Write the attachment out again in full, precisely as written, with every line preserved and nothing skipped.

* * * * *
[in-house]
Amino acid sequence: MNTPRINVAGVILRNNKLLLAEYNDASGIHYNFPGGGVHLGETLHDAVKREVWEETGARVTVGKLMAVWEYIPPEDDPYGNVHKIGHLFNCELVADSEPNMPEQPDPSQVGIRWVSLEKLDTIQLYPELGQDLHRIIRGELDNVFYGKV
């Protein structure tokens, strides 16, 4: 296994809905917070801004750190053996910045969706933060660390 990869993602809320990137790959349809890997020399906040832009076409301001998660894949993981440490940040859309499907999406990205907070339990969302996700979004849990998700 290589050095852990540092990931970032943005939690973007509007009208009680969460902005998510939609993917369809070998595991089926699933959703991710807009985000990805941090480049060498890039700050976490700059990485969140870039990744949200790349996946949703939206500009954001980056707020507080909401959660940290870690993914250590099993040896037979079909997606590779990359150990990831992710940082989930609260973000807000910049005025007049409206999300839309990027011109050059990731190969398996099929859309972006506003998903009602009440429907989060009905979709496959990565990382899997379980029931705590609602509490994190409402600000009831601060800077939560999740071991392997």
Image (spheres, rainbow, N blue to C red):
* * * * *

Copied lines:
[in-house]
Amino acid sequence: MNTPRINVAGVILRNNKLLLAEYNDASGIHYNFPGGGVHLGETLHDAVKREVWEETGARVTVGKLMAVWEYIPPEDDPYGNVHKIGHLFNCELVADSEPNMPEQPDPSQVGIRWVSLEKLDTIQLYPELGQDLHRIIRGELDNVFYGKV
């Protein structure tokens, strides 16, 4: 296994809905917070801004750190053996910045969706933060660390 990869993602809320990137790959349809890997020399906040832009076409301001998660894949993981440490940040859309499907999406990205907070339990969302996700979004849990998700 290589050095852990540092990931970032943005939690973007509007009208009680969460902005998510939609993917369809070998595991089926699933959703991710807009985000990805941090480049060498890039700050976490700059990485969140870039990744949200790349996946949703939206500009954001980056707020507080909401959660940290870690993914250590099993040896037979079909997606590779990359150990990831992710940082989930609260973000807000910049005025007049409206999300839309990027011109050059990731190969398996099929859309972006506003998903009602009440429907989060009905979709496959990565990382899997379980029931705590609602509490994190409402600000009831601060800077939560999740071991392997």
Image (spheres, rainbow, N blue to C red):